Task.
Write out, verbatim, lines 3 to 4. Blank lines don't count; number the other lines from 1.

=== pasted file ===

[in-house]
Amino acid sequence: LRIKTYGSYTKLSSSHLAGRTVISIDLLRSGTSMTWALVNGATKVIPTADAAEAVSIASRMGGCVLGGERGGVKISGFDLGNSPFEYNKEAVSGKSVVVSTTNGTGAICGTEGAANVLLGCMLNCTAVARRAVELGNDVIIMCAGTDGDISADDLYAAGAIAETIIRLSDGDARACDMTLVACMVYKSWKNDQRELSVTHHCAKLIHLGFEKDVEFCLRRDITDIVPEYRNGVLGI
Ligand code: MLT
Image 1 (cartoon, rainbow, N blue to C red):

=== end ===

Ligand code: MLT
Image 1 (cartoon, rainbow, N blue to C red):